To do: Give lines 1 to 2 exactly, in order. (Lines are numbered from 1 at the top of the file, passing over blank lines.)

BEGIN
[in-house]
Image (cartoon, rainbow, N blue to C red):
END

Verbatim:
[in-house]
Image (cartoon, rainbow, N blue to C red):